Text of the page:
Shareholders' agreements are essentially a private contract between the shareholders of a Company which sets out their rights and obligations towards each other.
A company’s articles of association are the main rules for governance of the Company and are open to public inspection. Therefore, if shareholders want to bind each other privately on matters such as borrowing; requirements for unanimity on major business decisions; agreements not to compete or poach employees or customers; and agreements on dividend policies; then they would be advised to have a shareholders’ agreement in place in addition to their articles of association.
Many business owners realise the benefits of having a clear constitution – covering issues such as share valuation, transmission of shares on death, dividend policy and scope of authority – only too late. The effects of not having at least considered such issues when starting up a business can be disastrous. It is far better to have agreed how situations will be resolved or managed at the outset so that in the event of dispute the parties will have a clear method of resolution, thereby lessening the detrimental impact on the business.
Whereas most provisions in the articles are amended with the approval of the shareholders holding 75% or more of the voting rights, a shareholders’ agreement can only be amended by unanimous agreement of its parties. Therefore, shareholders’ agreements can be a useful document to entrench minority protection provisions for the benefit of a shareholder holding a minority of the shares in the Company.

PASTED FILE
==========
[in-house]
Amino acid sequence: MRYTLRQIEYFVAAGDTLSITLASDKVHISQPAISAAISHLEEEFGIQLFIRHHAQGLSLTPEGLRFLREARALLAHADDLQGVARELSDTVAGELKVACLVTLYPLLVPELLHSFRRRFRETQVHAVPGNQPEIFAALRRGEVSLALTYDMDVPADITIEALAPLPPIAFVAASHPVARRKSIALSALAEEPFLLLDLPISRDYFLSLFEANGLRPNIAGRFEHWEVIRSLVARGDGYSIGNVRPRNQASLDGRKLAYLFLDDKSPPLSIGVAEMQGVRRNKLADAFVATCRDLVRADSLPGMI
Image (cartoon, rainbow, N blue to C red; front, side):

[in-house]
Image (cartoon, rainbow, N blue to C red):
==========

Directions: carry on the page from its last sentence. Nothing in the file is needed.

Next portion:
A breach of a shareholders’ agreement would normally entitle the aggrieved shareholder/the Company to claim damages for breach of contract, which can be a useful deterrent. Alternatively clients can choose to implement provisions to bring about a mandatory transfer of shares for breaches.
Conflicting provisions between shareholders’ agreements and articles (particularly regarding provisions as to how shares are valued and what rights attach to the shares issued) can lead to messy disputes so it is important that both are reviewed to ensure that they are consistent with each other.
KBL corporate solicitors can advise on the pitfalls and draft articles and shareholders’ agreements that clearly set the boundaries and provide for a solution when you most need the protection.